Gridiron tour of the U.S.A. kicks off young Samoans' university study
Eight Samoan gridiron players who toured the United States in June have walked away from the trip with scholarships to American universities and a potential path to starts in college football.
Samoa Gridiron took nine young men to California for training camps and college tours, to foster the pathway into scholarships and greater education opportunities through the sport.
Three players, Wesley Kamu, Qudrat Leota and Carlos Keil were offered places in the College of the Sequoias, a public two-year community college in Visalia, California. They have stayed in America to begin the term.
Five others have accepted places in Contra Costa College in San Pablo, and will return next year once they finish their schooling here.
They are Ivanhoe Kolone Vaai, Joseph Alalatoa, Max Malaitai, Allan Tuioti, and Ben Wong Kee.
Just one player, year 12 student at St. Josephs's College in Alafua, BJ George Toleafoa, has not yet lined up any offers because he will complete year 13 first next year.
“It was indescribable,” he said of playing in California.
“We’ve been training for three years now but we were not expecting to train alongside those big leagues. We went to the motherland.”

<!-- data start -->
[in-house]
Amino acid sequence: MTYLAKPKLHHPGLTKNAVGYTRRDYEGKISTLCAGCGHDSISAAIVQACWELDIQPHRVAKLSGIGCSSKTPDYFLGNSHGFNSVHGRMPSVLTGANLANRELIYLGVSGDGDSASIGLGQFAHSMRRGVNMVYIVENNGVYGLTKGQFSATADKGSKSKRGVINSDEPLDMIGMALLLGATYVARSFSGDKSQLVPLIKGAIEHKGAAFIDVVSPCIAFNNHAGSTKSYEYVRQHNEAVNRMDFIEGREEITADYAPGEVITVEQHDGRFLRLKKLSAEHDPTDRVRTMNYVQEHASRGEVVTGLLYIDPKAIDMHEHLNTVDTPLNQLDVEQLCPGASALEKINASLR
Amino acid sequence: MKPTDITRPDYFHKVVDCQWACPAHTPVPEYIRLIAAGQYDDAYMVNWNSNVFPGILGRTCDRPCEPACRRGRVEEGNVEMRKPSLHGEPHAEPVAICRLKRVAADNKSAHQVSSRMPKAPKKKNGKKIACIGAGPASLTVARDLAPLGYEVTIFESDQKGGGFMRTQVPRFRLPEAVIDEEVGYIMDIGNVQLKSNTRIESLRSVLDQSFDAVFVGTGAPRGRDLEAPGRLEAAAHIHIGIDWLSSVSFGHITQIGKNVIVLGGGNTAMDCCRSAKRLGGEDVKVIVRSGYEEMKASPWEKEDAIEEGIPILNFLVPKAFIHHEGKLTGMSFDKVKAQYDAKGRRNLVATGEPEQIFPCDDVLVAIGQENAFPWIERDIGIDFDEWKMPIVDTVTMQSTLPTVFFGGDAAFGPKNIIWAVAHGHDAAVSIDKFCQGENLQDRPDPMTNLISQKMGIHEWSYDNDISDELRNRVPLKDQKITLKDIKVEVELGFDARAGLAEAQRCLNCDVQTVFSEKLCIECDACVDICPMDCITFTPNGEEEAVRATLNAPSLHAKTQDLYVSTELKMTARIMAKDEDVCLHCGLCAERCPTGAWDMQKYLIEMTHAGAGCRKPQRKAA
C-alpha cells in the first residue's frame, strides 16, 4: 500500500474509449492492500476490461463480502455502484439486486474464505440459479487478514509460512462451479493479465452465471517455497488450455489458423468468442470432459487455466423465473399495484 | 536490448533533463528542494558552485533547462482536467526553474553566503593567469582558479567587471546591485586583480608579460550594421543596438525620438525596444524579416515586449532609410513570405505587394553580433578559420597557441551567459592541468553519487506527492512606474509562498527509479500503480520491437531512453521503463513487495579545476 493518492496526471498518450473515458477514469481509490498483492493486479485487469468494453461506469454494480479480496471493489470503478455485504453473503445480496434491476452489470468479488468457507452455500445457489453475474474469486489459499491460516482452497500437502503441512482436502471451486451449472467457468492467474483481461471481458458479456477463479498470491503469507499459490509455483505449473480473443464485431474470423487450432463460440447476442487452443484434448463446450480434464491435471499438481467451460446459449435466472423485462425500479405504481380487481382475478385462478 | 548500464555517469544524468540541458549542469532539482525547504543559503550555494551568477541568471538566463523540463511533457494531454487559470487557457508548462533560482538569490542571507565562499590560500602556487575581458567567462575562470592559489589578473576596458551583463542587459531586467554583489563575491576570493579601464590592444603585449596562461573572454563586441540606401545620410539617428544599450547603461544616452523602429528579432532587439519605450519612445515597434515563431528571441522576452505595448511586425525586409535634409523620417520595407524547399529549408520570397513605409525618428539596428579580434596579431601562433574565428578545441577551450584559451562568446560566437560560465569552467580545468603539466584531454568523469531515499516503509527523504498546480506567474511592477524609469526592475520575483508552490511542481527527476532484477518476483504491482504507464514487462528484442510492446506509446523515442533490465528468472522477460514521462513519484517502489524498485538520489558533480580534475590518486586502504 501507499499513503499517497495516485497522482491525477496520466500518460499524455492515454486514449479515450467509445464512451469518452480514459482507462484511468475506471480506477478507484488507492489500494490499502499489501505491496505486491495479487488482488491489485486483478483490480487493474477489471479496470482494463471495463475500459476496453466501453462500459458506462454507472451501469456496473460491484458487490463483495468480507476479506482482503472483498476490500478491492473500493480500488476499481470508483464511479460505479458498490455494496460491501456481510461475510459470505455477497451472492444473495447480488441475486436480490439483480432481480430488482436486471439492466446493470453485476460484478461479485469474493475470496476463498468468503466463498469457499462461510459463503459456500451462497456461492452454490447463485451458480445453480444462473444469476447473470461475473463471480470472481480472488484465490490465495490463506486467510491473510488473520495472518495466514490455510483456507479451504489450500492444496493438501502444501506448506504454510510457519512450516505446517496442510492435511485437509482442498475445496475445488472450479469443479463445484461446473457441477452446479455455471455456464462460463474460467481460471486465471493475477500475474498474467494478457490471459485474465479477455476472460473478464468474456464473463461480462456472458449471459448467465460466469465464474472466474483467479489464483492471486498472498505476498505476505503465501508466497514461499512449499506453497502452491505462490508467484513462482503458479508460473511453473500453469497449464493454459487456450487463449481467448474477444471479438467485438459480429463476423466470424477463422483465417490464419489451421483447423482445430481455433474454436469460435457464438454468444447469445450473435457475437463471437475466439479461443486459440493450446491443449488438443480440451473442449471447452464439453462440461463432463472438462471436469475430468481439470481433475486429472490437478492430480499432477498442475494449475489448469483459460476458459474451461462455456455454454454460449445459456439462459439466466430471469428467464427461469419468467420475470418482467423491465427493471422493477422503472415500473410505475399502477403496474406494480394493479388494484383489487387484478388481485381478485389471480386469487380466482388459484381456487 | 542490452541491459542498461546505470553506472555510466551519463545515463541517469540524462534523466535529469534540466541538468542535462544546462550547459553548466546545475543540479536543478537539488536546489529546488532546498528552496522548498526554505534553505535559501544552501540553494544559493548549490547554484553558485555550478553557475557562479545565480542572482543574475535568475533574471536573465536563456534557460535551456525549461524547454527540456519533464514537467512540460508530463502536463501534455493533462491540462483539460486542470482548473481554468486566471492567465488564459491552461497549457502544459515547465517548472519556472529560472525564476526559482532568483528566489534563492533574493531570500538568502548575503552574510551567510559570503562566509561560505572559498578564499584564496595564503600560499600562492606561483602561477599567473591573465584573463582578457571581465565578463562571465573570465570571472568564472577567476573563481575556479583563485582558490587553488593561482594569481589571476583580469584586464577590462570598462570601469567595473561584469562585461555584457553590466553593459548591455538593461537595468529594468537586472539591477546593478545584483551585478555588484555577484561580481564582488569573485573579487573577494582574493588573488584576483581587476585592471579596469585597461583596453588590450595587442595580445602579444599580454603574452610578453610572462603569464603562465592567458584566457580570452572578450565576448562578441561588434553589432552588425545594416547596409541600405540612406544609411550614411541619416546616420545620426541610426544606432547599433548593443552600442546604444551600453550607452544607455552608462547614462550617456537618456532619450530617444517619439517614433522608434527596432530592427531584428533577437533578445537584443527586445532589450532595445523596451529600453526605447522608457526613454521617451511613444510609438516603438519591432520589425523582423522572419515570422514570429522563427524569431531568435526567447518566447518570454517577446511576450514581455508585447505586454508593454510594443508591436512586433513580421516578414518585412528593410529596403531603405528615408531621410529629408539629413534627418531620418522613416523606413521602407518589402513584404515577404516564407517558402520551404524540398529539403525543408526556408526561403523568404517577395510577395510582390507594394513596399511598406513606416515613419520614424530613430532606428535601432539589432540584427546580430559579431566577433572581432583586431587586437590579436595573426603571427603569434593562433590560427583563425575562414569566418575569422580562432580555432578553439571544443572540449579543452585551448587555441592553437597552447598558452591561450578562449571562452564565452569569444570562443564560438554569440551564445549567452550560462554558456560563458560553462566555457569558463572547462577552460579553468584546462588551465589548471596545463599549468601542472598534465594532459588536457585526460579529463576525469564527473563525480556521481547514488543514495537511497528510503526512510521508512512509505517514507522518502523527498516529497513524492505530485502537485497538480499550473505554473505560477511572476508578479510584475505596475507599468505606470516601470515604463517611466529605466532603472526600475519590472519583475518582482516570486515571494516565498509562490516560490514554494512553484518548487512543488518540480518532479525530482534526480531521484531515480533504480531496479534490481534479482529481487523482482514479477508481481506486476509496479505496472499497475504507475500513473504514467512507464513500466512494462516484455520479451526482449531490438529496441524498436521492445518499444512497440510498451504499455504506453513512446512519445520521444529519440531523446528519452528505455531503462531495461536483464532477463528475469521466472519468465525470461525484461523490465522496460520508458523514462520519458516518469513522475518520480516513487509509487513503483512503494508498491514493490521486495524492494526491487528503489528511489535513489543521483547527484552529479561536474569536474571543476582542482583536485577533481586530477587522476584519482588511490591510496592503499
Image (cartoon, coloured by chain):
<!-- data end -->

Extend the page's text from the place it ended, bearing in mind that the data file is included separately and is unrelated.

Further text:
Mr. Toleafoa said playing gridiron has inspired him to pursue his studies, something he was never passionate about before.
“It doesn’t matter how good you are at something, if you are not good with your studies, you are broke your entire life," he said.
“When I first started year nine I wasn’t into studying.
“Ever since I started training for football and studying to get a scholarship, it motivated me to study. It doesn’t matter how good you play, if coaches see your reports from school aren’t good, they’ll drop you, they don’t care how good you are, how big you are.
“That is what pushes me with football now.”
Coach Callum Jones said despite limited training and playing time, coaches at all the colleges they visited were impressed with the talent on show.
“The boys really shone, they were amazing,” he said.
“Everyone knew who we were, we kind of had an eye on us, and all the coaches were excited, coming up to us, excited to see how they can help.”
Contra Costa College and the College of the Sequioas are junior colleges and they offer a development route to college gridiron football, of two years of training before putting players up for scholarship opportunities to senior colleges.
Based on the level the Samoan boys are at, Mr. Jones said the development route makes more sense:
“At the end of the day, the coaches can see talent but they can see we have only played a couple of games, so really they are out junior college route: to do two years at junior college and two years at university.
“Those first two years are practicing and honing your skills, and then look to get drafted into the university system.”
The gridiron community welcomed them warmly, and the colleges have several Samoan or Tongan coaches and staff who were excited to see a Samoan contingent in California, Mr. Jones said.